This way, we add value to the current infrastructure, or we provide sensors/actuators in the EDGE layer as necessary, or an IIOT Box to connect safely the current field devices to the Cloud services of the EcoStruxure platform.
Q: What are your success cases in this regard?
A: The implementation of our digital offerings is experiencing great growth, with very diverse clients and geographical locations:
- The city of Ashland in Oregon, United States, is using the AVEVA Insight Solution so field technicians can monitor the water treatment and distribution infrastructure, reducing manpower in operations, and providing access to information from anywhere.
- We are implementing our augmented reality solution, EcoStruxure Augmented Operator Advisor, in Saudi Arabia, in a desalination plant and a water treatment plant, as well as a drinking water treatment plant in Chile. The objective is to reduce production downtime and allow quicker and efficient maintenance.
- We provide our predictive maintenance service for critical power distribution equipment, EcoStruxure Asset Advisor, to the Santa Rosa de Sapal waste water treatment plant in Mexico; to the San Jacinto River Authority drinking water treatment plant in the United States, and to the Salitre II waste water treatment plant in Colombia.
- We have two recent cases where our pumping station management solution, EcoStruxure Pumping Performance Advisor, is in use in Spain and New Zealand.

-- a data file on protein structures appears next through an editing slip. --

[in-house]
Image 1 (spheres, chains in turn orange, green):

- We are also going to implement our digital service to manage energy quality and connected equipment, EcoStruxure Power Advisor, in the Salitre II waste water treatment plant in Colombia.
Finally, I would like to mention a recent project in the ‘data-as-a-service’ area in Denmark, where in collaboration with Aquaglobe we have installed new XIOT sensors, devices connected to the cloud through a Sigfox communications network, and we have connected that field information with a SCADA system to monitor water levels in retention tanks and avoid overflows.
Thanks to the cloud we can concentrate and aggregate a lot more information to have a complete vision of our processes and optimise them
Q: What would you say to demystify the cloud within the water sector?
A: The cloud is part of the solution, though that does not imply completely replacing the current OT layer. It is about obtaining new knowledge from the data which are probably already available in silos, as our EcoStruxure architecture shows.
Thanks to the cloud we can concentrate and aggregate a lot more information to have a complete vision of our processes and optimise them, including data which are not operations data, but can provide great value for the analysis and optimisation of a process (climate, client behaviour, infrastructure condition, financial data, maintenance systems, GIS).
On the other hand, it allows flexibility in terms of computing resources and adapting to needs without having to have your own infrastructure, which often is oversized in order to cover peaks. It allows reducing the TCO (total cost of ownership), and, more importantly, focusing on the business solution and not the IT infrastructure needed.
It enables therefore, to start small and grow according to need, in a very flexible manner, reducing CAPEX to move towards OPEX.